Dave Park, our Bereaved Parent Support Coordinator, reflects on how spending time with others who had experienced the pain and trauma of losing a child helped him to find hope for a future where joy and happiness might exist again.

‘Find someone who’s been there before and borrow their hope for a while.’

I’d love to take credit for that quote but in fact I was half listening to an interview on the radio. I’ve no idea who was talking or what it was about, but the phrase stayed with me all day. ‘Borrow their hope!’ – was hope something that could somehow be transferred from one person to another?

As I reflected, I thought back to those dreadful weeks and months after our son Ben died. I just couldn’t fix it – my whole family had been swamped by grief and I didn’t know what I could do or say. How could I keep our marriage strong against such a battering? I was a teacher; how could I look after other people’s children when I couldn’t even look after my own? I couldn’t imagine being happy again. My whole world view had been rocked to the core and I seemed to be left with nothing – no joy and no hope.

I remembered attending a support day for bereaved parents, run by Care for the Family. I didn’t really see the point at the time, but Jane, my wife, wanted to go and that was enough reason for me. The input from the front washed over me, but as we spoke together around the table, I realised that I was in the presence of people who had also lost their son or daughter but somehow had survived with their marriages intact. I was with people who had returned to their careers, people whose lives seemed to have some semblance of normality. I saw a glimpse of a future that, although life would never be the same, could be good again.

In the depth of winter, it sometimes seems unbelievable that trees that look so dead can grow new leaves in the spring, that soil that seems so bleak can burst into life again. However, it’s the annual experience of having been through the dark, cold days of winter that helps us look beyond to a spring that we know will come again. We know how resilient life is and that experience gives us hope.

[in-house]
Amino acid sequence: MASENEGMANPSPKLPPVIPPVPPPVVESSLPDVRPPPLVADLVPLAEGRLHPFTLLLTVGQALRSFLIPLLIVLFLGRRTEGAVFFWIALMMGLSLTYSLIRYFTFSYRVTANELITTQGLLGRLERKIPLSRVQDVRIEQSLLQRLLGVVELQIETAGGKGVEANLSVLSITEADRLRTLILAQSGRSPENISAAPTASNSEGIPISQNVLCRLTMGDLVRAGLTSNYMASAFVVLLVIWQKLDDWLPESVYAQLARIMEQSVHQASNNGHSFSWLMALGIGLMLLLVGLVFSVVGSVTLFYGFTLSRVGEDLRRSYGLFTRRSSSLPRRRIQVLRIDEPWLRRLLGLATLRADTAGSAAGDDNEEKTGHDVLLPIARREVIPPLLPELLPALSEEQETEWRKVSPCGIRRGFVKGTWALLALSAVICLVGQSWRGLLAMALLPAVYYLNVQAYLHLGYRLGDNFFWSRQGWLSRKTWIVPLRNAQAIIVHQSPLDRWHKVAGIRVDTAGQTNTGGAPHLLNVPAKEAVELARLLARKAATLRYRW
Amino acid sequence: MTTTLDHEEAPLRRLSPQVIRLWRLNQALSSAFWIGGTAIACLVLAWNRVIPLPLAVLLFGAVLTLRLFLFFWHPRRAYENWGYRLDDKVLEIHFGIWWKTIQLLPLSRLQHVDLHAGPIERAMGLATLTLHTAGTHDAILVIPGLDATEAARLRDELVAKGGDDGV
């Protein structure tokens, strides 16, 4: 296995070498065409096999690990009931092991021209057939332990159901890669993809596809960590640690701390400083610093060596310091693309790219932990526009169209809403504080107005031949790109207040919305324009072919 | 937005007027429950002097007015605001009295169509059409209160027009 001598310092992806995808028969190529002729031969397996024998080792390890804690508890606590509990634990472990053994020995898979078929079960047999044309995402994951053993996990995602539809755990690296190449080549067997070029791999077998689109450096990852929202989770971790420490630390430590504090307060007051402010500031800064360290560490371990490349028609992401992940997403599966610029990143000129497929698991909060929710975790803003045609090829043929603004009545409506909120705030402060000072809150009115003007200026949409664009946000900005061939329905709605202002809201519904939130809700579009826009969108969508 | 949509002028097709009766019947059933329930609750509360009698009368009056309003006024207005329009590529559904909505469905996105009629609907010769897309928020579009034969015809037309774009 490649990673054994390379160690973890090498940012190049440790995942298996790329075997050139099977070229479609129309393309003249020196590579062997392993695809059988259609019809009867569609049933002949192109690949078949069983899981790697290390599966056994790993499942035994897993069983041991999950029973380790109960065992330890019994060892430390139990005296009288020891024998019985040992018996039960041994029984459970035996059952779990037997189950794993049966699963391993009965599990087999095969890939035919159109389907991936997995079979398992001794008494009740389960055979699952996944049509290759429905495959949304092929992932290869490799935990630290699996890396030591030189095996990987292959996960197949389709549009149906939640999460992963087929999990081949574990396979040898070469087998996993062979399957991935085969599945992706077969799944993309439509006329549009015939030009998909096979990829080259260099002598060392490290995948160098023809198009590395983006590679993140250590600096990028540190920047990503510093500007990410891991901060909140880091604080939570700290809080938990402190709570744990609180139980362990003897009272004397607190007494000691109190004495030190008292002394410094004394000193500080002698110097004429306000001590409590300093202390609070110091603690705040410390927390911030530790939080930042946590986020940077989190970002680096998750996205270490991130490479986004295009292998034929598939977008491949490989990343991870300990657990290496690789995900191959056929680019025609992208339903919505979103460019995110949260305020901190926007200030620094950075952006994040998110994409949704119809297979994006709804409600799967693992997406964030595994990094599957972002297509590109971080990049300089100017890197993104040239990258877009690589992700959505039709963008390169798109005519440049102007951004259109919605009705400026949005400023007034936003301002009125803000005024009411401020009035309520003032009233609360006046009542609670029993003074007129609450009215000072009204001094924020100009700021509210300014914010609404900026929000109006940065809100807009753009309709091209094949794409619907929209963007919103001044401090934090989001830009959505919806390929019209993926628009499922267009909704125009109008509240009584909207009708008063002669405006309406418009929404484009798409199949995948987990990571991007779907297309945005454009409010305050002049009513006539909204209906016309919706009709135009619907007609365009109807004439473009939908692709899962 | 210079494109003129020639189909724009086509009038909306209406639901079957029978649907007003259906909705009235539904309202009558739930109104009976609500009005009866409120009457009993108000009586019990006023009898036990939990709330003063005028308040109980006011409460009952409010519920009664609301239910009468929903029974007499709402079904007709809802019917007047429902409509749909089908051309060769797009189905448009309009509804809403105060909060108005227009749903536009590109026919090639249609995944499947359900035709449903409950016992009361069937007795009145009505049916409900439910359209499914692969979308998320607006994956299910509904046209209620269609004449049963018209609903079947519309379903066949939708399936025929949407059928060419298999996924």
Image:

When Ben died, I had never imagined such pain and had no experience to draw from, but others had; they had walked the same path that I was walking just a few steps ahead of me. If they had hope, then just perhaps, so could I. If I could trust their experience, see the world for a moment through their eyes, then I could imagine a future where joy and happiness might exist again.

I now look back with the experience of hindsight and see that life is rich and full again. Ben is never forgotten, ‘got over’ or left behind – he is often talked of and always has a place in our family, but laughter and joy have returned and there is bright hope for the future. What’s more, I’m part of an amazing team of bereaved parents who would say the same.

For those in that dark place and who face the reality of a life without a much-loved son or daughter, I offer this simple invitation – if you feel that you’ve lost all hope, then come alongside us, walk with us for a while maybe through befriending or a support event, and ‘borrow our hope for a while.’

To find out more about our befriending service and support events for bereaved parents, visit our website or contact us.

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At Care for the Family we support couples, parents and those who have been bereaved. If you would be able to make a one off donation to support our work, we would be very grateful. Thank you.

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